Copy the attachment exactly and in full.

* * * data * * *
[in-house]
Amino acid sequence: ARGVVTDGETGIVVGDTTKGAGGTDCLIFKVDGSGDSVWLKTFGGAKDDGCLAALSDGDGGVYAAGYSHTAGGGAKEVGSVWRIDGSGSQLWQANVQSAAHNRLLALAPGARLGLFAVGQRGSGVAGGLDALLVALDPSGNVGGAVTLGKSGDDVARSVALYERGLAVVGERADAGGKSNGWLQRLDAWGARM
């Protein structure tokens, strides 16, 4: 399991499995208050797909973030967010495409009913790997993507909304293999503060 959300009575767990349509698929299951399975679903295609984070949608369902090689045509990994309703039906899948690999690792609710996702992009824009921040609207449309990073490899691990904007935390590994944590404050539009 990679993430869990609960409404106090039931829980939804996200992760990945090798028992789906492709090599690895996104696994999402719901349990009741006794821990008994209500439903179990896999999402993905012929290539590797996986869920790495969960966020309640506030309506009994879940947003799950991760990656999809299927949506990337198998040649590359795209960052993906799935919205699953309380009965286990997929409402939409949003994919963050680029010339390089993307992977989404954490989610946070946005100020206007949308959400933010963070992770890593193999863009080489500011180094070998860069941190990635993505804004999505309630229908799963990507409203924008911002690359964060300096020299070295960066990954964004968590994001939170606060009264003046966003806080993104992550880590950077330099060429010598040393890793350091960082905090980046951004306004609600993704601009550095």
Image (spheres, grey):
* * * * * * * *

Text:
[in-house]
Amino acid sequence: ARGVVTDGETGIVVGDTTKGAGGTDCLIFKVDGSGDSVWLKTFGGAKDDGCLAALSDGDGGVYAAGYSHTAGGGAKEVGSVWRIDGSGSQLWQANVQSAAHNRLLALAPGARLGLFAVGQRGSGVAGGLDALLVALDPSGNVGGAVTLGKSGDDVARSVALYERGLAVVGERADAGGKSNGWLQRLDAWGARM
């Protein structure tokens, strides 16, 4: 399991499995208050797909973030967010495409009913790997993507909304293999503060 959300009575767990349509698929299951399975679903295609984070949608369902090689045509990994309703039906899948690999690792609710996702992009824009921040609207449309990073490899691990904007935390590994944590404050539009 990679993430869990609960409404106090039931829980939804996200992760990945090798028992789906492709090599690895996104696994999402719901349990009741006794821990008994209500439903179990896999999402993905012929290539590797996986869920790495969960966020309640506030309506009994879940947003799950991760990656999809299927949506990337198998040649590359795209960052993906799935919205699953309380009965286990997929409402939409949003994919963050680029010339390089993307992977989404954490989610946070946005100020206007949308959400933010963070992770890593193999863009080489500011180094070998860069941190990635993505804004999505309630229908799963990507409203924008911002690359964060300096020299070295960066990954964004968590994001939170606060009264003046966003806080993104992550880590950077330099060429010598040393890793350091960082905090980046951004306004609600993704601009550095």
Image (spheres, grey):